While taxes may be the last thing on your mind when going through a divorce, these events can have a big impact on your income. Alimony and a name or address change are just a few items you may need to consider. Here are some key tax tips to keep in mind:
- Child Support. Child support payments are not deductible and if you received child support, it is not taxable.
- Alimony Paid. You can deduct alimony paid to or for a spouse or former spouse under a divorce or separation decree. Voluntary payments made outside a divorce or separation decree are not deductible. You must enter your spouse’s Social Security Number or Individual Taxpayer Identification Number on your Form 1040 when you file.
- Alimony Received. If you get alimony from your spouse or former spouse, it is taxable in the year you get it. Alimony is not subject to tax withholding so you may need to increase the tax you pay during the year to avoid a penalty.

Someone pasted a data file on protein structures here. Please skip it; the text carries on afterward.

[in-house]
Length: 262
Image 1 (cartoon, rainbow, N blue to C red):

- Spousal IRA. If you get a final decree of divorce or separate maintenance by the end of your tax year, you can’t deduct contributions you make to your former spouse’s traditional IRA. You may be able to deduct contributions you make to your own traditional IRA.
- Name Changes. If you change your name after your divorce, be sure to notify the Social Security Administration. File Form SS-5, Application for a Social Security Card. You can get the form on SSA.gov or call 800-772-1213 to order it. The name on your tax return must match SSA records. A name mismatch can cause problems in the processing of your return and may delay your refund. Health Care Law Considerations.
- Special Marketplace Enrollment Period. If you lose health insurance coverage due to divorce, you are still required to have coverage for every month of the year for yourself and the dependents you can claim on your tax return. You may enroll in health coverage through the Health Insurance Marketplace during a Special Enrollment Period, if you lose coverage due to a divorce.
In addition to the above, changes in your health insurance policy or income and family size can impact any advance payments you may be receiving with the premium tax credit. It’s important to fully understand the tax implications that a divorce decree may have on your overall tax picture.
If you have any question, leave them in the comments below!